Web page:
Enrique Chagoya

“The same thing happens with visual art. We kind of whistle our art work, and we don’t know whether it’s going to be all right or whether we’re going to end up with a disaster. Sometimes you get a good idea right away and score a home run, and sometimes you have to keep changing it until you feel happy with it. We never know what’s going to happen ­ and that’s the exciting part of it.”

In recent years, Chagoya has found a new sense of identity as a result of his own experience as an immigrant. He moved to the United States because his wife, from whom he is now divorced, had become seriously ill in Mexico. In the intervening 17 years, as anti-immigration sentiment has grown in the United States, he has come to believe that the immigrant experience is “probably attached to everybody.”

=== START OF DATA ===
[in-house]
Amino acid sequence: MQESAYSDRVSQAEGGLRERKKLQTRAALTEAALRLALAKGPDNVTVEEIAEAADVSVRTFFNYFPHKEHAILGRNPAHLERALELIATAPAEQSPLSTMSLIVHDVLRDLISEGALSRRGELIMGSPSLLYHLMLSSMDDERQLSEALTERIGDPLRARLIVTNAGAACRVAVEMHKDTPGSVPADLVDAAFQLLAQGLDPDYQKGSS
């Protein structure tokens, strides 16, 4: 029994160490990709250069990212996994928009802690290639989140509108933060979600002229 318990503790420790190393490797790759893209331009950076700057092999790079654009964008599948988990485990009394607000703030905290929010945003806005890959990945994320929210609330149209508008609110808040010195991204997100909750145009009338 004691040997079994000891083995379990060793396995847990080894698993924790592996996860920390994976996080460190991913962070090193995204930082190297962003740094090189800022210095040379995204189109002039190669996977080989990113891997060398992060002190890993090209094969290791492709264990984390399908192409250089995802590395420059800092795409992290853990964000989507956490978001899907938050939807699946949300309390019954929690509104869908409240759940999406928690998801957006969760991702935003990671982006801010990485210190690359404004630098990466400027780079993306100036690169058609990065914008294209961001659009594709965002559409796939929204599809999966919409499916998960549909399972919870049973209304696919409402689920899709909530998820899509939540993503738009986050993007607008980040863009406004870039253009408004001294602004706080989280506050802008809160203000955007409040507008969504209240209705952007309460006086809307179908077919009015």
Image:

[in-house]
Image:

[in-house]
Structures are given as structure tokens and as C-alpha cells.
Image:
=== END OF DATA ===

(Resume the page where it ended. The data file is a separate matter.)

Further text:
Chagoya art “Immigration is not a change of residency or a change on the map,” he says. “Immigration is an inner experience, almost a spiritual experience. You travel inside and you change inside, according to the kinds of experiences you have. And at a time in history in which masses of people in the world are moving, I think everybody is some kind of immigrant who has left something behind very dear to that person.”

As a result of feeling not quite at home in either his homeland or his adopted country, Chagoya says the immigrant artist develops an intuitive sense that impels creativity. “In a way, you have a distance from reality, which gives you a good critical eye for your own culture, as well as the local culture.”

“For me, it’s very important to understand the relationship between art and society,” he adds. “I get a lot of insight from understanding the social conditions in which art is created.”

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JAN/FEB 1997

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